The Interconnectedness of Everything Redux
Here’s a guest blog I wrote last year for the excellent Age of Steam blog. I wanted to repost it here because I think it’s still very relevant to what I’m doing with my fiction, and I’ve added a new postscript that serves as a bit of an update.
I love Easter eggs.
Yes, the chocolate variety, and also the type you find on innumerable DVDs or Blu Rays, but what I’m really referring to here is the kind of Easter eggs you sometimes find hidden in books. What I mean by this is those little references or moments in a story which seem perfectly in keeping with the narrative, but take on extra meaning for those chosen few, an author’s constant readers.
These Easter eggs might take the form of a throwaway reference to a previous adventure, the casual use of a familiar name, a recurring location, a plot point – anything, really – that rewards the reader and raises a knowing smile, all without alienating the casual reader or leaving them with the feeling that they’ve somehow missed something important.
I love those moments. It’s as if the author is speaking directly to you, winking at you and thanking you for paying attention. It makes you want to dig deeper into those stories, to see what other little treasures the author has hidden away, waiting to be uncovered. It always makes me think the author was probably having as much fun writing the book as I’m having reading it, too, and that only works to increase my enjoyment all the more.
When, then, it came to sitting down to start constructing the background for my novels Ghosts of Manhattan and Ghosts of War, it seemed only logical that I should do so in such a way that it provided me with the opportunity to seed in a few of those little references. Not only that, but I was keen to use this new series to add depth and flavour to the alternate history I’d already constructed in some of my earlier novels, to shed light on things I’d already written and to open up opportunities for more stories down the line.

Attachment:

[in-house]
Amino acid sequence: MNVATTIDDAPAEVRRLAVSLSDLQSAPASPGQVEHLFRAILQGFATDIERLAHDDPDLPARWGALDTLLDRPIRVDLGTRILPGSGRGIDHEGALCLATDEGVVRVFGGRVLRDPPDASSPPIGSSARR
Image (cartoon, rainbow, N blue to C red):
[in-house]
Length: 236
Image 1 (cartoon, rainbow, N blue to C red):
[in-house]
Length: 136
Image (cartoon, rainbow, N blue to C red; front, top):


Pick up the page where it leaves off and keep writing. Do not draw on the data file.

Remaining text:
I wanted the backdrop of the Ghost stories to be distinct and different from my existing Newbury & Hobbes series. Those books feature a duo of secret agents gadding about in a steampunkish version of Victorian London. For the Ghost books I was aiming for more of a noirish feel, something steeped in the atmosphere of 1920s New York – but a version of 1920s New York that seemed at once both familiar and yet strange. I was also looking to capture the fun of those early American pulps, with outlandish action sequences and rousing adventure, and to add to it a gloss of steampunkish invention.
So, where to start?
It took me a while to realise that the obvious thing for me to do was to take what I already had – an alternative history, a timeline of events leading up to 1902 – and roll it forward another 25 years. This raised all sorts of questions. How would the USA respond to the growing might of the British Empire? Had the First World War still happened? If so, who were the players? What had been the outcome and how had this altered the political landscape? How had technology moved on? What does the world look like 25 years after a Victorian steampunk revolution? This seemed like a great opportunity to explore the answers to some of those questions.
The new series, of course, had to be distinct in its own right, independent of anything I’d written before, but a lot of that could come from the tone and style, from the characters and the type of stories I wanted to tell. I’m a great believer that the backdrop of a novel is only a stage – that the crux of any tale rests with the characters – but I could see opportunities for stories emerging from some of the questions I’d been asking.
More than that, too, I could see opportunities for the sort of cross-pollination I was talking about earlier – for Easter eggs.